Being innovative is seen as increasingly important for organizations as they attempt to deal with the rapidly changing world they operate in. How would listing on the stock market influence that drive for innovation?
A recent study set out with that very question in mind and discovered that this particular route to new capital can actually have an adverse affect on ones ability to innovate. In other words, the very act of going public can hinder the organization in doing what made it successful in the first place.
Innovation and the stock market
The paper highlights how the route to initial success is often paved by innovation, but then in order to grow, companies seek out extra capital via the stock market. This has a profound impact on the kind of innovation those firms undertake.
“Going public is a mixed bag for firms when it comes to innovation. After an initial public offering, firms tend to introduce a larger number of innovations and a larger variety of each innovation–think different flavors, or different package sizes. But at the same time the innovations they do make are usually not the kind of breakthrough innovations that take the company in new directions and into new markets,” the authors.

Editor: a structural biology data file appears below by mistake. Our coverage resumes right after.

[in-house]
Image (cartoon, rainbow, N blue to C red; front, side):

The study is valuable because it doesn’t focus on patents or R&D expenditure, but rather on the actual products that make it to market.
The researchers analyzed some 40,000 new product launches over a 31 year period in the consumer goods industry, both in terms of the number of products launched each year, and the kind of products they were. For instance, were they targeting new markets or offer new consumer benefits? In other words, were they innovative?
Stock market conservatism
The results revealed that when companies had shareholders to answer to, it prompted a much more short-term focus, which typically meant that innovations were far less risky, and therefore far less revolutionary in nature.
“Our results suggest that the stock market not only absorbs information, but also generates an incentive structure that impacts managerial decision-making regarding innovation,” the authors conclude.
So if you want groundbreaking innovation, perhaps it’s best not to look in publicly listed companies for it.